Vladimir Nabokov Biography
(1899–1977), Stikhi, Poems, Smert, Death, Polyus, Rul, The Rudder, Mashenka, Mary, Korol, Dama, Valet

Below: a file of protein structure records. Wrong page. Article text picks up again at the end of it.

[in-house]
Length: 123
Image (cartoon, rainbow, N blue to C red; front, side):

American novelist, born in St Petersburg, educated at Trinity College, Cambridge. Nabokov enjoyed a privileged childhood, interrupted by the Russian Revolution when his father, who had been a leading member of the Russian Constituent Assembly, evacuated the family south to Yalta to avoid the Red Army. In 1919 Nabokov left Russia, never to return. In 1922 he rejoined his family in Berlin for a short-lived reunion; later in that year his father was assassinated by a Russian monarchist gunman. Nabokov's earliest writings predate the revolution: Stikhi (Poems) was privately published in 1916, but his more mature writings are a product of his Berlin years: his early plays such as Smert (Death) and Polyus appeared in Rul (The Rudder) magazine in 1923 and 1924, and his first novel, Mashenka, was published in Berlin in 1926 (translated by the author and Michael Glenny as Mary in 1970). Despite his sojourn in Germany, Nabokov continued to write in Russian, using the pseudonym V. Sirin for novels including Korol, Dama, Valet (King, Queen, Knave, 1928), Zashchita Luzhina (The Defense, 1930), Kamera Obskura (Camera Obscura, also known as Laughter in the Dark, 1932), and Otchayanie (Despair, 1936). In 1937 Nabokov moved his family to Paris where Dar (translated as The Gift, 1963) appeared in an incomplete version in 1936 and Priglashenie na Kazn (translated by the author and Dimitri Nabokov as Invitation to a Beheading) in 1938. In Paris Nabokov wrote his first novel in English, The Real Life of Sebastian Knight (1941). In 1940 he moved to the USA where he held academic posts at Stanford University, and later at Wellesley College in Massachusetts; through-out this period he was also a part-time research fellow at the Museum of Comparative Zoology at Harvard where he pursued his passion for lepidoptery. Having taken US citizenship in 1945 Nabokov was now, in effect, an American writer and Bend Sinister (1947), despite its European setting, was, like the subsequent major fiction, written in English. In 1948 Nabokov took up a position in Comparative Literature at Cornell University in Ithaca, New York, and rose to become a professor. At Cornell he wrote Lolita (1955), his best-known novel. Much criticism of Nabokov has sought to understand the significance of his early Russian writings in relation to the later works, particularly with regard to the themes and devices they share. Both Pnin (1957) and Pale Fire (1962) seek to assimilate Russian experience to that of the USA. The American writings, in particular, have been appropriated by the critics of post-modernism and Nabokov is now commonly discussed alongside other American ‘anti-realists’ such as Robert Coover, John Hawkes, and Thomas Pynchon (whom he taught at Cornell) who make much use of the techniques of fractured chronology, collage effects, unreliable narrators, and varieties of sexual degradation. But Nabokov was also influenced by European modernism and writers such as Franz Kafka and Thomas Mann, and by the nineteenth-century ‘romantic realists’, in particular Nikolai Gogol, of whom he wrote a valuable critical study, Nikolai Gogol (1944). Nabokov's last three novels were Ada or Ardor: A Family Chronicle (1969), Transparent Things (1972), and Look at the Harlequins! (1974); at his death, however, he left an incomplete manuscript for Original of Laura, which his only son, Dimitri, claims would have been his most brilliant novel. In addition he wrote one of the great volumes of twentieth-century autobiography, Speak, Memory (1966), parts of which had earlier appeared as Conclusive Evidence (1951), and several works of translation and criticism, the most important of which are his translations of The Song of Igor's Campaign (1960) and Pushkin's Eugene Onegin (1964). Julian Moynahan's Vladimir Nabokov (1971) and Tony Sharpe's Vladimir Nabokov (1991) are short introductions to his work; Vladimir Nabokov: The Russian Years (1990), and Vladimir Nabokov: The American Years (1991) is a two-volume biography by Brian Boyd.